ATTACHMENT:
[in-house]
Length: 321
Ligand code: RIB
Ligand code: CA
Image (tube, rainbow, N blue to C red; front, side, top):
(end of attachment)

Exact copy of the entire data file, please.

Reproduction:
[in-house]
Length: 321
Ligand code: RIB
Ligand code: CA
Image (tube, rainbow, N blue to C red; front, side, top):